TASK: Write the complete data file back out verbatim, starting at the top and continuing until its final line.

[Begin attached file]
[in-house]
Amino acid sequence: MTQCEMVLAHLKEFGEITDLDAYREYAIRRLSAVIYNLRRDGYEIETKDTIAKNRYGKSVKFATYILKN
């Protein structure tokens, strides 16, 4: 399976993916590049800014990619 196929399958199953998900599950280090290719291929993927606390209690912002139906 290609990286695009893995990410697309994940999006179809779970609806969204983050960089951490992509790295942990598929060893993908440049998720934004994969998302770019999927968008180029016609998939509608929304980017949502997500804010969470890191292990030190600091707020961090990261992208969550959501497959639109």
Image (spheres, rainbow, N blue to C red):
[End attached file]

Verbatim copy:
[in-house]
Amino acid sequence: MTQCEMVLAHLKEFGEITDLDAYREYAIRRLSAVIYNLRRDGYEIETKDTIAKNRYGKSVKFATYILKN
């Protein structure tokens, strides 16, 4: 399976993916590049800014990619 196929399958199953998900599950280090290719291929993927606390209690912002139906 290609990286695009893995990410697309994940999006179809779970609806969204983050960089951490992509790295942990598929060893993908440049998720934004994969998302770019999927968008180029016609998939509608929304980017949502997500804010969470890191292990030190600091707020961090990261992208969550959501497959639109």
Image (spheres, rainbow, N blue to C red):